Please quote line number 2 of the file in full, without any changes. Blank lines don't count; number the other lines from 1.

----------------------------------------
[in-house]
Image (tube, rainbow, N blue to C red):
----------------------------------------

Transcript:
Image (tube, rainbow, N blue to C red):